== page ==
Tutorial 15: Import epochs

Authors: Francois Tadel, Elizabeth Bock, Sylvain Baillet

We can consider that our datasets are clean from any major artifact. We will now proceed to the analysis of the brain signals we recorded in response to the auditory stimulation. There are two major types of processing workflows for MEG/EEG, depending on whether we are dealing with an event-related paradigm or a steady-state/resting-state study.

This tutorial will only focus on the event-related case: series of stimuli are sent to the subject and we have the corresponding triggers marked in the recordings. We will base our analysis on these triggers, import short epochs around each of them and average them. You will find in the advanced tutorials a scenario of MEG resting-state analysis.

Import in database

Until now, we've only been looking at data that was read from continuous files. The raw file viewer provides rapid access to the recordings, but many operations can only be applied to short segments of recordings that have been imported in the database. We will refer to these as "epochs" or "trials".

One new folder appears in Subject01. It contains a channel file and two trial groups.

Review the individual trials

After reviewing the continuous file with the "columns" view (channels one below the other) it can be useful to also review the imported trials with the "butterfly" view (all the channels superimposed).

To manually tag a trial as bad, you have three options:

Raster plot

You can also get an overview of the values of one specific sensor over all the trials at once.

Run #02

Repeat the same operations for the second dataset:


Epoch length

We imported epochs of 600ms (100ms baseline + 500ms post-stimulus) but did not justify this choice.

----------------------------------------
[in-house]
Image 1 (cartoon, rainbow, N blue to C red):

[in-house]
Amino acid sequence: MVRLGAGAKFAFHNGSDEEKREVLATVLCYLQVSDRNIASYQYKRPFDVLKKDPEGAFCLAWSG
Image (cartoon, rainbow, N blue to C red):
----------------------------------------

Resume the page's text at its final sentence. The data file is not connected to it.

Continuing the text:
The length of the epochs you import should be chosen very carefully. If you realize later your epochs are too short or too long, you would have to start over your analysis from this point.
The epoch length to consider depends on:

The experimental design

The processing pipeline

You may have to artificially extend the epochs of interest for technical reasons. Most filters cause edge effects, ie. unreliable segments of data at the beginning and the end of the signal. When applied on short epochs, they might destroy all the data of interest.

For avoiding this, you can add a few hundred milliseconds before and after your epoch of interest. It doesn't matter if it overlaps with the previous or the next epoch. After running the operations that required longer signals, you can cut your epochs back to the desired epoch length. Examples:

In this tutorial, we decided to work with very short epochs (600ms only) so that all the analysis would run on most computers, including personal laptops. For any type of frequency analysis on the recordings, this will be too short. When processing your own recordings, you should increase the size of the epochs beyond the segment that you are actually planning to study.


On the hard drive

Right-click on any imported epoch > File > View file contents:

Structure of the imported epochs: data_*.mat

File history

Right-click on any imported epoch > File > View file history:

List of bad trials

Useful functions

Feedback: Comments, bug reports, suggestions, questions
Email address (if you expect an answer):

Tutorials/Epoching (last edited 2016-10-20 21:12:47 by FrancoisTadel)